In 1922, both McCoy and his wife Mary were passengers in a vehicle that was involved in an accident. Mary passed away as a consequence of the injuries she sustained, and McCoy endured serious health problems for the rest of his life, which made it more difficult for him to fulfill his professional commitments.
“The Real McCoy” (The Original)
The phrase “the genuine McCoy” is commonly used among people who speak English and it refers to “the actual thing” as opposed to a fake or a duplicate of a lower quality. Nobody really knows where it came from. Some academics are of the opinion that it originates from the Scottish term “the genuine McKay,” which was initially used in a poem written in the year 1856. Some people think that train engineers were the ones who first used the phrase while they were searching for “the real McCoy system,” which refers to a lubricator that has McCoy’s automated drip cup rather than a cheap counterfeit. Regardless of where the phrase came from in the beginning, it has always been connected to McCoy. In 2006, Andrew Moodie penned a play titled “The Real McCoy,” which was based on the biography of the inventor.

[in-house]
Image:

Instead of licensing his ideas to already established businesses, Elijah McCoy decided to start his own manufacturing firm in 1920 and call it the Elijah McCoy Manufacturing Company. McCoy wanted to make his own goods (many of the products he designed did not feature his name). Unfortunately, in his latter years, McCoy had a breakdown on all fronts—financially, mentally, and physically—which led to his admission to the hospital. On October 10, 1929, after spending the previous year at the Eloise Infirmary in Michigan, he passed away from senile dementia brought on severe hypertension. McCoy was put to rest in the Detroit Memorial Park East in Warren, Michigan after his passing.
The inventiveness of McCoy as well as his achievements won him a lot of admiration, particularly in the Black community. Booker T. Washington acknowledged McCoy in his work “Story of the Negro” as the African-American inventor who had the most patents in the United States. In 2001, McCoy was honored by being inducted into the National Inventors Hall of Fame. His former studio in Ypsilanti, Michigan, has been memorialized with a historical marker, and the Midwest Regional United States Patent and Trademark Office in Detroit is now known as the Elijah J. McCoy United States Patent and Trademark Office.